With people working on so many different kinds of projects in any single office space, achieving and maintaining that perfect balance can be a challenge. A high-octane sales team firing off sales calls to meet its monthly revenue target is going to need a different workspace than programmers trying to crack a complex coding problem, or a consultancy brainstorming their client’s solution via videoconference.
But by combining a diverse mix of workspaces into a single office, it’s possible for a company to create balance for all of its workers, according to Parsons. “If you can understand how to balance people and their work—like to know when consistency is called for versus adaptability, or to know when the work requires an open space or when an enclosed space is called for—then you can begin to create a balance of places for people to do that work.”
Unlike the old sea of cubicles or reactionary open plan design, Parsons and the Living Office team envision a balanced office with a mix of different work settings that workers and teams can move through as it suits their workday—enabling people choices based on the task at hand, or desired output of the work.
The Herman Miller team designed ten different work settings—each that can be optimized for purpose, character, and activity—that are deployable to create a holistic office environment. For example, a Haven is a private space that facilitates focused work or simply gives space to unwind. A Hive is not unlike a coworking space that encourages individual work along with casual feedback and collaboration. A Clubhouse offers different types of work areas within close proximity to provide a base for teams working together.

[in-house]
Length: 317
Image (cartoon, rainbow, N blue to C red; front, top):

“Sometimes you need rest, sometimes you need socialization, sometimes you need a little bit of learning, sometimes you need to kick your feet up on a couch and be left alone,” says Primo Orpilla, principal at architectural firm O+A. O+A has designed offices for many leading technology companies, including Facebook, Yelp, and AOL.
O+A uses the term “topology” to describe different intentionally designed settings within a workplace.
“People are very ritualistic and different depending on what the tasks are that day,” Orpilla says. On a given day, one person might start her workday by going to get coffee, another might chat with his colleagues, and a third might immediately settle down to focus on a big project. “We want to make sure you have a space to go for all those rituals that matches your mood during the day,” he adds.